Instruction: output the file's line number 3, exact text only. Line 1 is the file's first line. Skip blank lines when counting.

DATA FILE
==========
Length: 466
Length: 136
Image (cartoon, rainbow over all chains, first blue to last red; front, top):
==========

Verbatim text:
Image (cartoon, rainbow over all chains, first blue to last red; front, top):